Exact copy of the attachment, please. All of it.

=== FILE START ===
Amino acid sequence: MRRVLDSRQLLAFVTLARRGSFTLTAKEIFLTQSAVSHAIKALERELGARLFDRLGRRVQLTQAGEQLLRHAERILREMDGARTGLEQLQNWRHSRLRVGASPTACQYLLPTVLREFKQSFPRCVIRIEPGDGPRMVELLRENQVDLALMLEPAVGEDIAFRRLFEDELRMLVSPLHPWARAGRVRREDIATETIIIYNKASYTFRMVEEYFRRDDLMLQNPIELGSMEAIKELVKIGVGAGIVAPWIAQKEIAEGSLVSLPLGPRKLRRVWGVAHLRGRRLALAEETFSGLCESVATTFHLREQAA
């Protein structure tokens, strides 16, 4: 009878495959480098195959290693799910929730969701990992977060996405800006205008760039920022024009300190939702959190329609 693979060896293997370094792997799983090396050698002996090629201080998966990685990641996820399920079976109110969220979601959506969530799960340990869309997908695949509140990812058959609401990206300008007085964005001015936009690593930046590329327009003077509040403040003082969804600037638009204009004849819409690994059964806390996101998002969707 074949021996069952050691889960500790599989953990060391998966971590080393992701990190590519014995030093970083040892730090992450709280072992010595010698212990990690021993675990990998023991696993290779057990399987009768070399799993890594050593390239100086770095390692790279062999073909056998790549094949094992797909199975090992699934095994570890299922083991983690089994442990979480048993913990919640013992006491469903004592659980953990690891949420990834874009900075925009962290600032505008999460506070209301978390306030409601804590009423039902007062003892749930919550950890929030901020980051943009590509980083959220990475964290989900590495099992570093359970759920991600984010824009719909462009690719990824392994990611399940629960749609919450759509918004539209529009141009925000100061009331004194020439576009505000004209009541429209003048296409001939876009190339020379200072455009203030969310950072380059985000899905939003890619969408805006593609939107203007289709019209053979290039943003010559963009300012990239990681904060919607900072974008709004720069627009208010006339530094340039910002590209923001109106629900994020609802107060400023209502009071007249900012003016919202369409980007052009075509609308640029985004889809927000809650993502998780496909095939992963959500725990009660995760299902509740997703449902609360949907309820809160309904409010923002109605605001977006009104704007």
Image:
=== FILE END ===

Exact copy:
Amino acid sequence: MRRVLDSRQLLAFVTLARRGSFTLTAKEIFLTQSAVSHAIKALERELGARLFDRLGRRVQLTQAGEQLLRHAERILREMDGARTGLEQLQNWRHSRLRVGASPTACQYLLPTVLREFKQSFPRCVIRIEPGDGPRMVELLRENQVDLALMLEPAVGEDIAFRRLFEDELRMLVSPLHPWARAGRVRREDIATETIIIYNKASYTFRMVEEYFRRDDLMLQNPIELGSMEAIKELVKIGVGAGIVAPWIAQKEIAEGSLVSLPLGPRKLRRVWGVAHLRGRRLALAEETFSGLCESVATTFHLREQAA
């Protein structure tokens, strides 16, 4: 009878495959480098195959290693799910929730969701990992977060996405800006205008760039920022024009300190939702959190329609 693979060896293997370094792997799983090396050698002996090629201080998966990685990641996820399920079976109110969220979601959506969530799960340990869309997908695949509140990812058959609401990206300008007085964005001015936009690593930046590329327009003077509040403040003082969804600037638009204009004849819409690994059964806390996101998002969707 074949021996069952050691889960500790599989953990060391998966971590080393992701990190590519014995030093970083040892730090992450709280072992010595010698212990990690021993675990990998023991696993290779057990399987009768070399799993890594050593390239100086770095390692790279062999073909056998790549094949094992797909199975090992699934095994570890299922083991983690089994442990979480048993913990919640013992006491469903004592659980953990690891949420990834874009900075925009962290600032505008999460506070209301978390306030409601804590009423039902007062003892749930919550950890929030901020980051943009590509980083959220990475964290989900590495099992570093359970759920991600984010824009719909462009690719990824392994990611399940629960749609919450759509918004539209529009141009925000100061009331004194020439576009505000004209009541429209003048296409001939876009190339020379200072455009203030969310950072380059985000899905939003890619969408805006593609939107203007289709019209053979290039943003010559963009300012990239990681904060919607900072974008709004720069627009208010006339530094340039910002590209923001109106629900994020609802107060400023209502009071007249900012003016919202369409980007052009075509609308640029985004889809927000809650993502998780496909095939992963959500725990009660995760299902509740997703449902609360949907309820809160309904409010923002109605605001977006009104704007």
Image: